Leness George Laliberte, 86, died Tuesday morning, March 11, 2003, at his home in Fargo.
He was born December 15, 1916 in Cut Knife, Saskatchewan, northwest of Saskatoon. He was the second of four children born to a family that went to Canada from North Dakota to farmstead, though Leness’ father eventually worked as a barber in Rosthern, about 100 miles east of Cut Knife. After the barbershop burned down, the family moved to Fargo when Leness was in third grade.
Leness attended school at St. Mary’s and graduated Sacred Heart Academy in 1934. Before entering college, he worked for a time at DeLendrecies in downtown Fargo, where his duties included helping design window displays. He enrolled at North Dakota Agricultural College and graduated in spring 1941 with a degree in architecture. He quickly landed a job with William Kurke, a well-known local architect who had done work on the state capitol. One of Leness’ first projects was designing exterior and interior detail work for the new Cathedral of the Holy Spirit in Bismarck.
After war broke out, Leness also taught introductory architecture classes at NDAC. He was drafted in 1943 and eventually was posted to Yuma Army Airfield in Arizona, where he volunteered for “base engineering,” not realizing that was where miscreant troops were sent to do K.P., clean latrines and empty garbage. When he suggested building small corrals to keep garbage cans from blowing around in the desert wind, he came to the attention of officers who were dumbfounded to find a trained architect working in base engineering when they had dire need of architects to help develop the rapidly expanding base. He was quickly put to work on projects such as barracks, officers’ quarters and the waist gunnery range.
While on furlough, Leness’ sister Marjorie introduced him to her husband’s sister, Mary Rose Heimerman, of Stacyville, Iowa. The pair married on a second furlough in 1945. Despite having spent a total of about two weeks together, his beautiful letters to her cemented a relationship that lasted more than 57 years. They had seven children between 1946 and 1961.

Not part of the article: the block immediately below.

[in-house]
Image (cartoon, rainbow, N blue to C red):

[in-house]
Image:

After the war, Leness returned to work for William Kurke (and later his son, Jack) until 1962, when he took a position with the local office of Kirkham, Michael and Associates, an Omaha firm. In 1968, he began working for Foss, Engelstad & Foss, where he remained until his retirement in the late 1970s. Over the years, his projects included the original West Acres and Penny’s wing, the NDSU library and student union, Fargo National Bank (Community First), the Fargo Post Office, Sacred Heart Convent (Riverview Place) and numerous schools, churches, banks and other buildings throughout the tri-state area. A flight enthusiast and civilian pilot until his cardiovascular health prevented license renewal, he would sometimes fly himself to distant job sites.
Leness often acted as a volunteer architectural consultant to the Diocese of Fargo, and served on the post-Vatican II Subcommittee for Art and Architecture, which was charged with redesigning churches to conform to new liturgical practices. He was a member of the Knights of Columbus and was involved in the Cursillo and Catholic Family movements in the 1960s, but for the most part practiced his deep and abiding faith quietly with his family and parish.
Leness was renowned among those who loved him for his quiet, gentle demeanor and thoughtful, unfaltering integrity. He conveyed deep love through his calm, untroubled satisfaction with domestic life and his fondness for children. He was heavily involved with Scouting at St. Anthony’s parish with his older boys, and was a hunter and sportsman from his youth through middle adulthood. He loved relaxing at the cabin the family owned on Cotton Lake in Minnesota from 1967 to 1991. A skilled craftsman, he lovingly restored two wooden C-scow racing sailboats, was a member of the Cotton Lake Yacht Club and skippered in several Wallwork Regattas. Though content in solitude, he relished the company of others, had a guileless laugh and enjoyed telling stories. Even while in increasingly poor health after major strokes in 1993 and 1998, he maintained quiet satisfaction in the pleasures he could enjoy and dignified acceptance of his infirmities.
Leness is survived by his wife, Mary, at home; Rev. Robert Laliberte, Fargo; Paul (Chris) Laliberte, Taipei, Taiwan; Andrea (William) Lewis, Wahpeton; George (Veronica) Laliberte, Topeka, KS.; Lisa Laliberte, Fargo; Richard (Rachelle) Laliberte, Macungie, PA; Michael Laliberte, Fargo; eight grandchildren; one great-grandchild; two sisters, Marjorie (William) Heimerman, Sioux Falls, S.D. and Helen Clapham, San Rafael, CA., and a brother, Jerome (Midge) Laliberte, Coquille, OR.
A Funeral Mass for Leness will be held Friday at 1 p.m. in Church of the Nativity, Fargo. Visitation will be held Thursday from 5-7 p.m. in Church of the Nativity, with a prayer service at 7 p.m. Visitation will also be held in the church one hour prior to services on Friday. Burial will be in Holy Cross Cemetery.
Memorials are preferred to Fargo Catholic Schools Network, Cardinal Muench Seminary, or Presentation Sisters.
Arrangements by Boulger Funeral Home, Fargo. Online guestbook at www.boulgerfuneralhome.com.